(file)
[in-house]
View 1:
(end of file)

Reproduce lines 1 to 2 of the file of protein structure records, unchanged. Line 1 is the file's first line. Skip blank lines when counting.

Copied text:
[in-house]
View 1: